I get a lot of emails about that ask about how to best hide scalp that is showing through due to thinning or shedding hair issues. Having hair that has lost its volume is troubling too, but when the white of scalp is contrasting and peaking through against your hair color, you will generally perceive and worry that the thinning is much more noticeable. And often, with women, one prominent area where the scalp commonly peaks through is at the crown or in the back of the head. People often ask me what is the best hair color to use when you are trying to blend your scalp with your hair. I will address this in the following article.
Consider Your Skin Tone And Coloring Before Lightening Your Thinning Hair To Blend With Your Scalp: It's commonly advised that blond or very light hair is the best color to blend in with your scalp since it is the closest in coloring to the white or pink of your scalp. However, if your coloring is such that this lighter color is going to look fake or jarring, then all you are doing is drawing more attention to your hair and inviting for folks to take a closer look or to pause for even more inspection. This is not what you want. You want for people to either gloss quickly over what you are trying to detract from, or, optimally, to have a favorable response or reaction. Anything that requires for them to take a closer look will often run counter to this.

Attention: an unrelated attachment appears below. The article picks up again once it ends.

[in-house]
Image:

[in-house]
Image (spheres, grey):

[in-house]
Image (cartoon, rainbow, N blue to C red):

People are often very afraid that brunette or dark hair only show cases the scalp more and this can be so sometimes. But, if your coloring is such that you have pale skin and light eyes, then blonde is likely not going to look natural for you. You would probably, in this scenario, be better off either putting in gradual highlights or using some powders that blends your scalp with your hair color.
Camouflaging Your Scalp When The Hair At Your Crown Is Thinning Or Balding: Often people just don't believe me when I saw that powders like toppik look very natural when applied correctly. You really do have to see this for yourself to appreciate that this is true. And, this is true for folks with blonde, brunette and red hair, so long as you chose the right color to match. Of course, this is only a temporary fix but it can help to get you over the hump until you can regrow your hair.
Also, you may want to look at your cut. Sometimes layers in the back of your hair will encourage that hair at that crown area to sort of lay open and expose itself for all to see. People will often cut the hair back there short so that they can tease it, but often this is the wrong call. Because the hair will just eventually separate and expose the scalp instead.
It's better to have some weight there so that the hair will lay down flat. Or, you can try pulling it back in a high ponytail or head band. This will give you many more layers to work with, but you want to make sure that you don't pull too tightly and cause more damage. There are also lifts for use to the crown, but again teasing often doesn't last all day.
Curls and waves can also to help give this area more volume and definition as can highlights. Variations in color fool the eye into thinking there is more depth than there really is. And, if you are really concerned that the dark color of your hair makes the scalp contrast too much, you can try a lighter version of your natural color and then you can gradually go for more dramatic changes gradually.
Of course, if the hair continues to thin, you might eventually get to a point where you don't have enough hair to work with. In these cases, there are very high quality human hair pieces that can be designed to match both your color, style, and texture.